A Texas homestead exemption is a tax break for homeowners who plan to use the residence as their primary home. It basically allows you to “write down” your property value, so you don’t get taxed as much.
The state tax code requires public school districts to offer a $40,000 exemption on “residence homesteads” located in their district.
The most common type of homestead exemption in Texas is the $40,000 reduction mentioned above, as found in section 11.13(b) of the state tax code.
“Homestead exemptions remove part of your home’s value from taxation, so they lower your taxes. For example, your home is appraised at $300,000, and you qualify for a $40,000 exemption (this is the amount mandated for school districts), you will pay school taxes on the home as if it was worth only $260,000,”according to the Texas Comptroller.
Prior to January 1, 2022, homestead exemptions could not be filed until the year after a home was purchased. As of 2022, homeowners may now file for a homestead exemption immediately upon closing on their home, so long as an exemption has not yet been filed for that tax year.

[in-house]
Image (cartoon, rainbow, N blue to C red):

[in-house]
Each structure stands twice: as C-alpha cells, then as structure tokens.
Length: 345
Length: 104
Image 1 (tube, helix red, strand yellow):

As long as you are using it as your primary residence (and not a second home or vacation home), you likely qualify.
According to the Texas Comptroller’s website:
“A homestead can be a separate structure, condominium or a manufactured home located on owned or leased land, as long as the individual living in the home owns it. A homestead can include up to 20 acres, if the land is owned by the homeowner and used for a purpose related to the residential use of the homestead.”
“The completed application and required documentation are due no later than April 30 of the tax year for which you are applying. A late residence homestead exemption application, however, may be filed up to two years after the delinquency date, which is usually Feb. 1,” according to the Texas Comptroller’s website.
County Appraisal Districts have been known to reach out and ask for sales price to gauge their property taxes. This is not required.
Texas is a nondisclosure state which means that we do not have to disclose the price we purchase properties for. Therefore, it is so important to not give the price away to Zillow, REALTOR.com, the review sites. It is private information.
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